Neither functional rod photoreceptors nor rod or cone outer segments are required for the photic inhibition of pineal melatonin.
Lucas RJ., Foster RG.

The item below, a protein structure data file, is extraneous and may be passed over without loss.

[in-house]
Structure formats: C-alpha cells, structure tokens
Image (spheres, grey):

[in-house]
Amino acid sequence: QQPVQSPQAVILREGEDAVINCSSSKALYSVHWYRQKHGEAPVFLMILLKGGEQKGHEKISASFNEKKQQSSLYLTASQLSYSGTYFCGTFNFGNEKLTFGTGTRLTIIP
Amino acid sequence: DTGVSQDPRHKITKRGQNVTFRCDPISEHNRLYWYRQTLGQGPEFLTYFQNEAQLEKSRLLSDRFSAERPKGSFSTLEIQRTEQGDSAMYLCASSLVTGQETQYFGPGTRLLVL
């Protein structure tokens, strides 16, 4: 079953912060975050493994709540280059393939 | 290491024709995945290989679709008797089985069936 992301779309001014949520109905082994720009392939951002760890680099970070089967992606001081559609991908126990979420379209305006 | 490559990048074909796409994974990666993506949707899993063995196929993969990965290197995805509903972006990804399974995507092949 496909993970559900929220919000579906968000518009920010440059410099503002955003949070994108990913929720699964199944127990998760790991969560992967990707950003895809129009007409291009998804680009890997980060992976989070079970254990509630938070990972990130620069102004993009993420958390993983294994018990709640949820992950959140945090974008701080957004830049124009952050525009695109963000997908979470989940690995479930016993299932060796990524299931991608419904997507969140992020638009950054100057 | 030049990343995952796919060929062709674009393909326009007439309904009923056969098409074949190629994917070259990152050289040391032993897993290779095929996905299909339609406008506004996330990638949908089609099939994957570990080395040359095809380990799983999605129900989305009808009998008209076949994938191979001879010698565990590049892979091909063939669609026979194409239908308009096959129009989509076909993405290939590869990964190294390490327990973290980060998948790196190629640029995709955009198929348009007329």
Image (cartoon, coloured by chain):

Pineal melatonin production is rapidly suppressed by light. In mammals, the photoreceptors mediating this response are ocular; however, definitive information regarding their nature and precise location is absent. In an attempt to define these photoreceptors, we examined the sensitivity of pineal melatonin production to inhibition by controlled irradiance monochromatic green light (lambda max 509 nm) in C3H mice bearing either of two mutations affecting the retina: retinal degeneration (rd), a disruption of rod phototransduction, and retinal degeneration slow (rds), an ablation of photoreceptor outer segments. Diurnal profiles of pineal melatonin content were similar in both mutant genotypes and in wild-type mice; melatonin peaked between 3-5 h before lights on. All three genotypes exhibited irradiance dependent inhibition of pineal melatonin content; 2.6 x 10(-2) microwatts/cm2 509 nm light induced complete suppression in all three genotypes, whereas lower irradiances were ineffective in all cases. Bilateral enucleation abolished responses even to 6 microwatts/cm2 509 nm light. These results demonstrate that the process of irradiance detection for pineal melatonin inhibition is buffered against considerable loss of photoreceptive capacity and that neither rod photoreceptors nor rod or cone outer segments are required for mediating this response in mice.